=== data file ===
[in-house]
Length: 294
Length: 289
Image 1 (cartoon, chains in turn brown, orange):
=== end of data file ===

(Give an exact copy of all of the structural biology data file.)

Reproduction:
[in-house]
Length: 294
Length: 289
Image 1 (cartoon, chains in turn brown, orange):